Trustworthy digital preservation, including continual monitoring, preservation processing, and policy development, is also a key to ensuring sustainable access to data. The DRI obtained CoreTrustSeal certification in 2021 and has also endorsed the TRUST principles. The DRI is an active member of the Digital Preservation Coalition (DPC) and the Coalition of Open Repositories (COAR), and Dr. Kathryn Cassidy serves on the standing steering committee for the Open Repositories conference. DRI staff also contribute regularly to the organising and programme committees of major preservation conferences, such as the International Conference on Digital Preservation (iPres) and Preservation and Archiving Special Interest Group (PASIG). More information on sustainable data repositories can be found in the DRI’s contributions to the OECD report Business models for sustainable research data repositories. DRI disseminates these reports and the outputs from these activities to it’s membership base, which comprises of more than forty national, regional and local organisations, and to the broader community.
FAIR Data in the Humanities and Social Sciences
Research data in the humanities and social sciences challenge expected norms around data management and data sharing in both the design of the research process and the approach to long-term data stewardship. Humanities scholars, in particular, have expressed serious concerns with the interpretation of their research sources and methods as data, despite the flourishing of the digital humanities field in recent years which may rely on data-driven computational analysis and distant reading of digitised resources. The DRI is committed to engaging with these research communities in ways that help to further the goals of Open Science that are also respectful and responsive to the realities of research in these fields.
The DRI is conducting a FAIR assessment of the image sharing practices in the cultural heritage sector as part of the WorldFAIR Project, not only to offer recommendations on how this sector can improve the way research data is shared but as an opportunity to contribute to a discussion of how FAIR assessments can be more sensitive to the needs and practices of researchers in the humanities and social sciences. If you would like to be involved in this conversation, subscribe to the DRI Friends Newsletter to stay informed.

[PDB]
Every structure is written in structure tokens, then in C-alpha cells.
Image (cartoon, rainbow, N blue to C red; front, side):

Supporting Access to Research Data Sources
Research in the humanities and social sciences relies heavily on primary information gathered from historical and contemporary sources, often removed in time from the events, persons or objects of study. Sources of data may include: field notes, archaeological finds, maps and geospatial data, archival records, publications, social media posts, artworks, architecture, photographs and audiovisual recordings, interviews, performances, interactive installations and social experiences, and to a small but increasing extent, computational data generated by AI and machine learning programs. While there has been significant growth in digitization efforts by cultural heritage and information organisations in recent years in order to make these data resources available, in many cases, complicated copyright and licensing requirements can pose challenges to preserving and maintaining accessibility. In addition, researchers in the humanities and social sciences often rely on a variety of customisable tools, ad-hoc data workflows and modified or completely unique metadata schemas to organise their data, suggesting that a significant amount of valuable information may be derived from documenting the research process itself.
The DRI encourages all depositors to share research data as openly as possible by applying open licences to their data, and has offered workshops and training opportunities on rights management and obtaining permissions. Read more about the challenges in applying open licences to cultural heritage data in A Conversation About Open Access to Online Collections.
Sharing Research Data in these Fields
The concept of an immutable dataset, always able to be referenced ‘as it was’ at a certain point in time, runs contrary to widely accepted methodological approaches in the humanities and social sciences which prioritise dialogue, discourse, and audience response. Researchers may be more inclined to share their work via open source tools that allow them to craft an interpretive layer or narrative structure for their data, and to add, edit, or otherwise continue to manipulate the data long after initial publication. Similarly, institutions sharing original records as data have a long tradition of updating or re-interpreting data for the public. While there are numerous software tools available to create these preferred outputs, there is concerningly a lack of support, service, and technical infrastructure to ensure the persistence of the data shared on these platforms as opposed to data deposited securely in disciplinary or generalist data repositories, leading some researchers to begin asking difficult questions about long-term sustainability. Issues around version control in these kinds of dynamic data environments are underexplored as well, leading to a potential lack of transparency and reproducibility, undermining the FAIR sharing of data.